I was able to get inside this time (this time there was an inside). I had done some homework since 1961, but even had I been a really lazy student I couldn't have been less excited about it on my second visit than I was. I'm going to leave any description up to the images I've posted here, but I will say that I have never seen anything like it and don't expect I or anyone else ever will. Hmmm, wait. Santiago Calatrava's name suddenly came into my head as I typed that. I'm not an unequivocal fan of his art, but even if there may be a link between his work and that of the Catalonian master (and no dead end after all?) it's unlikely Calatrava will ever have a commission which would match his skills as well as the Barcelona basilica did Gaudi's.
But there is still that other thing, what I now have to describe as the darker side of Gaudi. I'm only going on the basis of information easily available to anyone, but I realize my emphasis may present a picture of the man not familiar to most. I'm writing about the less admirable parts of Gaudi's story as someone who admits he is able to love and appreciate Richard Wagner's operas as among the very greatest accomplishments in Western music even while he is completely familiar with and fully disgusted by much of the composer's personal and professional life. Gaudi was a great artist, but he was also a fundamentalist, right-wing Christian who would almost certainly have supported Franco during the civil war which began ten years after his death.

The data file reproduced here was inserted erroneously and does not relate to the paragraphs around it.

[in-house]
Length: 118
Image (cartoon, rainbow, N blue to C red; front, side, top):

The architect had taken over construction responsibilities for the shrine/basilica in 1883, when he was 31. The project, whose ominous formal name is "Temple Expiatori de la Sagrada FamÃlia" [Expiatory Church of the Holy Family], had been proposed years before by the AsociaciÃ³n Espiritual de Devotos de San JosÃ© [Spiritual Association of Devotees of St. Joseph], a reactionary devotional Catholic movement whose objective was to fight the modern industrial liberal world and its accompanying social changes and to bring about the triumph of the Catholic Church in Spain and elsewhere. The architect appears to have been very comfortable with that mission.